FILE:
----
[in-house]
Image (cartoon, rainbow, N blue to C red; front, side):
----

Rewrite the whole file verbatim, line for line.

[in-house]
Image (cartoon, rainbow, N blue to C red; front, side):